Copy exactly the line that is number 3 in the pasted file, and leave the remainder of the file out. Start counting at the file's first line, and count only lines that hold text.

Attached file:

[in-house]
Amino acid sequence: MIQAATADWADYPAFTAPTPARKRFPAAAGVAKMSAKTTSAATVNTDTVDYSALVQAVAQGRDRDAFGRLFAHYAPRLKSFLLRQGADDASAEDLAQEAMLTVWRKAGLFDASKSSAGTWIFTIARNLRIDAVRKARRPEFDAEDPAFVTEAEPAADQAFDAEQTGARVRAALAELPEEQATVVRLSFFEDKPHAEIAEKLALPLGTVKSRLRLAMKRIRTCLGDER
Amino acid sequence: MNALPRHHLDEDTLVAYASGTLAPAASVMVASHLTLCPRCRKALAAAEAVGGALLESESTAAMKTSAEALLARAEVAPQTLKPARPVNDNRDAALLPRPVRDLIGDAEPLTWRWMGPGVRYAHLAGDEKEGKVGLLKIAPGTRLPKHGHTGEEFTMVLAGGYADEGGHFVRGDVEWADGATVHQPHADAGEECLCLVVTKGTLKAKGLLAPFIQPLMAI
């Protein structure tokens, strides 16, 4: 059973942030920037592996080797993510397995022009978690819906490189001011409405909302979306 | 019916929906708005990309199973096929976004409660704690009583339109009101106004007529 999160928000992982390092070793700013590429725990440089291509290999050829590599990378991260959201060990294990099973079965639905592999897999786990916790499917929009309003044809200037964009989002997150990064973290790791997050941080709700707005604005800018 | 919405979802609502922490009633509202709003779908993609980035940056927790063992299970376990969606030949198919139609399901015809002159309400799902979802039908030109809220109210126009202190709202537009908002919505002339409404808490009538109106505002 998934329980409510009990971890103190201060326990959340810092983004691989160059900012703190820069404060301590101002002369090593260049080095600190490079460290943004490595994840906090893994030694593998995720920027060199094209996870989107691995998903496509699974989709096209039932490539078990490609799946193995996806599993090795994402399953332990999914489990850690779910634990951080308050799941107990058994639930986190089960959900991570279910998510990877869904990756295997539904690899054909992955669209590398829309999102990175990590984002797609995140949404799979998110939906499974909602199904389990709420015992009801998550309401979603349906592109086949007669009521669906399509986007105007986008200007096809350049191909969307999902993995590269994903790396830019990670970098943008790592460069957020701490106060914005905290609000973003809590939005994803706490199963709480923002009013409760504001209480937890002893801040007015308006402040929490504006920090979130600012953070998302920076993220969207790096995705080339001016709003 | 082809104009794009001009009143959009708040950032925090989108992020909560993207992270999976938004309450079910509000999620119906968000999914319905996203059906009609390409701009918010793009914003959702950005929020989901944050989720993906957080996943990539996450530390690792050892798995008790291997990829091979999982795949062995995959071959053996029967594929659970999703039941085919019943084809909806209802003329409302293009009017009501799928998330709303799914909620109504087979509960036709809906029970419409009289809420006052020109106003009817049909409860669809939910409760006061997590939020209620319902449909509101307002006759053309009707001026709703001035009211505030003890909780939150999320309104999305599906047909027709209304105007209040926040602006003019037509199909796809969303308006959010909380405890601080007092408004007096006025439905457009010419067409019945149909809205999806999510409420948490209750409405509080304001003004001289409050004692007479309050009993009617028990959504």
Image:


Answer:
Amino acid sequence: MNALPRHHLDEDTLVAYASGTLAPAASVMVASHLTLCPRCRKALAAAEAVGGALLESESTAAMKTSAEALLARAEVAPQTLKPARPVNDNRDAALLPRPVRDLIGDAEPLTWRWMGPGVRYAHLAGDEKEGKVGLLKIAPGTRLPKHGHTGEEFTMVLAGGYADEGGHFVRGDVEWADGATVHQPHADAGEECLCLVVTKGTLKAKGLLAPFIQPLMAI